And why did the football players feel compelled to have this rally? Because Salinas has gotten a reputation as gang-banger central thanks to a major spike in violent crime over the last four years. Salinas’ per-capita murder rate in two years, from 2006 to 2008, went from 4.74 per 100,000 to 17.42 per 100,000, or seven murders to 25. The rate only went up, to 29 murders, in 2009. Salinas has more murders than just about any large California city, save, say, Oakland.
The city of about 150,000 is in the midst of “Operation Knockout,” a federal, state and local effort of mass arrests (at least 100 so far) that hope to, at least for a little while, calm down the drug- and gang-fueled violence. (Authorities say the violence has its roots in gangs fighting to control Salinas, a port, if you will, into the San Francisco Bay area drug market.)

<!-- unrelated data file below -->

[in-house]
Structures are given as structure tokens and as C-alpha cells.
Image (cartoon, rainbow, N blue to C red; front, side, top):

Salinas’ image has taken such a hit from all the violence, the PONY league from nearby Monterey refused to play games there, for fear of its players’ safety. A little harsh and rash, perhaps, but it gives you an idea of what Salinas is dealing with.
Hopefully the next time the football players lead a parade, it’s not to say, “We’re not gang members!” Just, “We’re ready to play!”
You would think the Anderson (Ind.) school district, in a 40-year decline that is resulting in the shutdown of one high school and four other schools at the end of the 2009-2010, plus another 170 teachers cut from the schools that are left, might decide that now is the time to shut down its 9,000-seat basketball arena, which costs about $350,000 a year in utilities alone, or twice the cost of utilities for a whole elementary school. But shutting down the Wigwam, the acknowledged heart and soul of the Indiana high school basketball phenomenon known as Hoosier Hysteria, isn’t about money. It’s about a desperate town wanting to hold onto its last shred and symbol of pride and relevancy.